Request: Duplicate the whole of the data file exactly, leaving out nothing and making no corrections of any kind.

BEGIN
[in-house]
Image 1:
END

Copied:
[in-house]
Image 1: